Graduates of the Prague University of Economics and Business aim to be among the top officials of the European Commission

Last week, Hospodářské noviny reported that several Czech representatives who won internal selection procedures in the European Commission have succeeded in senior positions in the European Commission. Most successful Czechs are graduates of the Prague University of Economics and Business. The selection procedures were for the AD12 level, the last step for a Director in the European Commission. The director’s post is one of the senior management positions and Czech representatives hold only two so far. We are glad that the graduates of the Prague University of Economics and Business are reaching high positions in the EU institutions, this time specifically in the European Commission. Congratulations!

One of our graduates is Milan Lisický, an economist working in the Directorate-General for Economic and Financial Affairs. He graduated from the Faculty of International Relations at the Prague University of Economics and Business, with a Bachelor’s degree in International Business. He studied at the Master’s level at the Faculty of Finance and Accounting and obtained his PhD in Economic Policy at the Faculty of Economics.

What did studying at VŠE bring to Milan Lisický?

“Let me start with what stuck in my mind the most: the enormous flexibility in the choice of majors and optional subjects. I did my Bachelor’s degree at the Faculty of International Relations, my Master’s degree at the Faculty of Finance and Accounting, where I chose electives mainly from the Department of Public Finance, and as a minor I chose the then newly opened macroeconomic analysis at the Faculty of Economics. Gradually, I found my way to a field that I still enjoy and find fulfilling. I also remember some excellent teachers and open-minded people who inspired me and pushed me a lot. I can name only Vladimir Tomšík, who recommended me for an internship at the Ministry of Finance, where my professional career began. But there were many more.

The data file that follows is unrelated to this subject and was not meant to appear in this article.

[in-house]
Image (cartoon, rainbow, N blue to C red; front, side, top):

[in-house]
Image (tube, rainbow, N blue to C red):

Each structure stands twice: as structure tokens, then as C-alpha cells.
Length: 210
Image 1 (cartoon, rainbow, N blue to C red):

Of course, the opportunity to study abroad was excellent. I chose the CEMS management programme in Cologne, Germany, which was the experience of a lifetime and a great opportunity to experience a different system of study.